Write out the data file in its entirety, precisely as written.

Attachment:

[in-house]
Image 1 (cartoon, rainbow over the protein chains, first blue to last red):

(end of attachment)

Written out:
[in-house]
Image 1 (cartoon, rainbow over the protein chains, first blue to last red):